Loading…
Wednesday, April 16, 2014
Current Weather
Loading Current Weather....
HomeA&ECulture
Published: 11/11/2013

Comics museum to open to public at Ohio State

Snoopy, Calvin, Beetle Bailey and even the Yellow Kid provide comic relief at Ohio museum

ASSOCIATED PRESS
Caitlin McGurk holds up a cartoon from ‘Terry and the Pirates’ by Milton Caniff at the Billy Ireland Cartoon Library and Museum in Columbus. The museum has more than 300,000 original comic strips from such artists as Charles Schultz and Garry Trudeau. Caitlin McGurk holds up a cartoon from ‘Terry and the Pirates’ by Milton Caniff at the Billy Ireland Cartoon Library and Museum in Columbus. The museum has more than 300,000 original comic strips from such artists as Charles Schultz and Garry Trudeau.
ASSOCIATED PRESS Enlarge

COLUMBUS — There is a place where Snoopy frolics carefree with the scandalous Yellow Kid, where Pogo the possum philosophizes alongside Calvin and Hobbes.

That doesn’t even begin to describe everything that’s going on behind the walls of the new Billy Ireland Cartoon Library and Museum on the Ohio State University campus, opening to the public Saturday.

“This is the stuff that makes me drool,” said Jim Borgman, the Pulitzer Prize-winning editorial cartoonist who now draws the “Zits” newspaper comic strip.

The whole thing started with Milton Caniff, the influential comic artist whose beloved “Terry and the Pirates” and “Steve Canyon” adventure strips lived in the nation’s funny papers for a half-century.

Mr. Caniff graduated from Ohio State and loved the place so much he wanted his original art and other papers to be kept there forever. He handed it all over to the university in 1977.

Along with library curator Lucy Shelton Caswell, Mr. Caniff then began urging his cartoonist friends to do the same.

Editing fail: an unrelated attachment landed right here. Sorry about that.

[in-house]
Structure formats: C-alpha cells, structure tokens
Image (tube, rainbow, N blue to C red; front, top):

Today, the museum collection includes more than 300,000 original strips from everybody who’s anybody in the newspaper comics world, plus 45,000 books, 29,000 comic books, and 2,400 boxes of manuscript material, fan mail, and other personal papers from artists. The university says it’s the largest collection of cartoon art and artifacts in the world.

The museum has originals from everyone from Richard Outcault — whose “Yellow Kid” in a 19th century comic strip spawned the term “yellow journalism” — to Charles Schulz (“Peanuts”), classic “Pogo” story lines from Walt Kelly, Garry Trudeau’s “Doonesbury,” Chester Gould’s “Dick Tracy,” early “Blondie” strips from Chic Young, and the entire collection of Jeff Smith, an Ohio State graduate who created the hugely popular “Bone” series of comic books.

It’s all been moved to a new 30,000-square-foot home in a high-profile corridor of the sprawling Columbus campus, into a space renamed for Mr. Ireland, the former editorial cartoonist for the Columbus Dispatch who was one of the pioneers of the art form.



Guidelines: Please keep your comments smart and civil. Don't attack other readers personally, and keep your language decent. If a comment violates these standards or our privacy statement or visitor's agreement, click the "X" in the upper right corner of the comment box to report abuse. To post comments, you must be a Facebook member. To find out more, please visit the FAQ.

Related stories